The challenge will be to secure practical outcomes by the WTO ministerial meeting in June next year.

We look forward to continuing to work with China on WTO reform. As the world’s largest trading nation, China has a major stake in the WTO and we look to China to contribute more in line with that.

Beyond the WTO, it will be important we use all means at our disposal to maintain and enhance the openness of the global economy.

Like others, Australia is building a network of free trade agreements to open markets and reinforce trade and investment rules. 

The China-Australia FTA, for example, remains China’s most comprehensive FTA and has underpinned our burgeoning economic partnership with strong growth in two-way trade and investment.

Australia and Japan helped to bring the Trans Pacific Partnership to conclusion. It is a high standard FTA with cutting-edge provisions on new business priorities such as digital trade. Australia worked to ensure this agreement would be open to others, as a step towards a free trade area that can encompass the region and beyond.

We have worked extremely hard with China and others to conclude the RCEP. We are pleased that 15 countries in the region were able to concluded the text of the agreement last weekend and will work towards signing in 2020. The door remains open to India’s participation. RCEP will be a powerful statement in favour of openness by countries that account for nearly one third of global GDP.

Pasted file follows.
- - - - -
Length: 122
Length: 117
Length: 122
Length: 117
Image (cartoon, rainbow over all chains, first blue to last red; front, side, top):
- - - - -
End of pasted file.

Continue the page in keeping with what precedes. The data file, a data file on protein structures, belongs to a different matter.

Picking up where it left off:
We are also exploring innovative ways to facilitate trade. For example, Australia and Singapore are working on a digital trade agreement that will contain new disciplines and standards. And we need to focus harder on non-tariff barriers, which are now significantly distorting global trade. 

We should ensure APEC continues to make an important contribution to regional economic collaboration and integration, and encourage the G20 to engage on the importance of trade for economic growth. 

It also remains important that countries continue to implement domestic economic reforms that allow for greater openness. In this context, we note China’s plans to increase foreign access to its financial sector and its renewed efforts to join the WTO Government Procurement Agreement.

In conclusion, I want to reiterate Australia’s view that open markets and economic collaboration deliver better outcomes, and that we should reinforce the rules-based trading system.

In our view, the best response to concerns about others’ trade policies is to bring them to the negotiating table and to work on stronger rules and disciplines. We should try to channel current tensions into constructive actions.